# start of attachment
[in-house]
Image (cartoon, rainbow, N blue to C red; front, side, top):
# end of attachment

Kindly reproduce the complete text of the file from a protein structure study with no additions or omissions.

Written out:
[in-house]
Image (cartoon, rainbow, N blue to C red; front, side, top):